• 2019-10
  • 2019-11
  • 2020-03
  • 2020-07
  • 2020-08
  • 2021-03
  • br The cell lysates from CK treated SKBR cells


    116 The cell lysates from CK-treated SKBR3 Z-Guggulsterone were prepared using lysis buffer (20 mM
    121 according to the manufacturer’s instructions. Western blotting assays were conducted as
    123 124 2.6. Semi-quantitative reverse transcriptase-polymerase chain reaction (RT-PCR)
    125 To determine the mRNA expression of Bcl2, total RNA was extracted from CK-treated
    126 SKBR3 cells using TRIzol reagent (Gibco) according to the manufacturer’s instructions. The
    127 cDNA synthesis and RT-PCR were performed as previously described [19], and the primer
    131 The short hairpin RNA (shRNA) coding sequences against AKT1- or AKT2-containing
    132 constructs were cloned following the Addgene protocol ( Non-targeting
    133 scrambled shRNA sequences and AKT1 or AKT2 shRNA sequences were cloned into the
    134 pLKO.1 vector. Lentivirus was produced using transient HEK293T cell transfection. SKBR3
    135 cells were infected with the virus, and the infected cells were selected through puromycin
    136 treatment. The knockdown levels of AKT1 and AKT2 were confirmed using immunoblotting.
    140 previously reported [20]. Briefly, Matrigel was diluted with serum-free DMEM (1:3) and
    141 used to coat the upper surface of the transwell chamber. The lower chamber was filled with
    142 culture medium containing 10% FBS, SKBR3 cells, and various concentration of CK and
    143 was incubated at 37 °C for 48 h. The cells were fixed in 4% formaldehyde and then stained 144 with hematoxylin and eosin. Images of the cell invasion were produced using a microscope,
    145 and the invasion area was measured using Image J software.
    150 colony formation. The media was discarded, and the cells washed once with PBS. The cells
    151 were then fixed in fixation buffer (1:7 acetic acid:methanol) for 5 min. The fixation buffer
    152 was removed via suction, and the cells were incubated with 0.5% crystal violet solution for 2
    153 h. The stained cells were washed with tap water and dried. Images of cells were captured, and
    154 the areas of colonies were measured using Image J software.
    163 All data presented in this study are expressed as mean±SD of experiments performed with
    164 three replicates. For statistical comparisons, the results were analyzed using either ANOVA
    165 with the Scheffe post hoc test (for normally-distributed data) or the Kruskal–Wallis or Mann–
    167 statistically significant.
    172 To investigate the anti-cancer activities of compound K, we first evaluated the cell growth
    173 of SKBR3 human breast cancer cells using cell viability assay. SKBR3 cells were treated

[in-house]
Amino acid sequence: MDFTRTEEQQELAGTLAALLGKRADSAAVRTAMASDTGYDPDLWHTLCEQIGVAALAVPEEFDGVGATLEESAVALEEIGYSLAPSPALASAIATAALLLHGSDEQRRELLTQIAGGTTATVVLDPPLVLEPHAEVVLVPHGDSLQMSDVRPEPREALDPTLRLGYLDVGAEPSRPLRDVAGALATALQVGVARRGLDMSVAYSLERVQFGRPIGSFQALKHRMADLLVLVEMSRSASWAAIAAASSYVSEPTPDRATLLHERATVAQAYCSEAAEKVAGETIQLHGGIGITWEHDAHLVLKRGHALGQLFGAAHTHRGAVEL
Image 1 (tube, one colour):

176 death, we further identified which mechanism of cell death was involved. To confirm the
    177 apoptotic effects of CK, we analyzed cell death using PI and annexin V staining (Fig. 1B).
    179 concentration (0-50 mM). In contrast, the proportion of live cells decreased from 90.7% to 180 63.06%. Consequently, the CK-induced cell death was the result of apoptosis. To confirm the
    181 apoptotic effects of CK, we further examined the morphological changes in CK-treated
    182 SKBR3 cells. Actin cytoskeleton-mediated morphological changes, including apoptotic
    183 bodies and nuclear condensation, were seen after treatment with CK for 24 h (Fig 1C). These
    184 results suggest that Compound K suppresses the proliferation of cancer cells by increasing
    188 pathways in SKBR3 cells
    189 To determine the molecular mechanism underlying the pro-apoptotic activity of Compound
    190 K, we identified the active forms of caspases using western blot analysis. The levels of
    191 cleaved caspase-7, -8, and -9, which are the active forms of pro-caspases, were increased in
    192 CK-treated SKBR3 cells, and the pro- forms were reduced in a dose-dependent manner (Fig.
    193 2A). Moreover, the mRNA expression of Bcl2, an anti-apoptotic protein, was suppressed by
    194 CK treatment (Fig. 2B). These results indicate that CK promotes apoptotic signaling cascades
    195 via both intrinsic and extrinsic pathways. To examine which molecules involved in activation
    196 of the apoptotic pathway are regulated by CK, we further analyzed the expression of AKT,
    197 which is a primary regulator of apoptosis. Phosphorylation of the AKT isoform AKT1 was
    198 significantly reduced in the presence of CK, but phosphorylation of AKT2 was not inhibited
    199 by CK (Fig. 2C). The western blotting results suggest that AKT1 is a specific target of CK in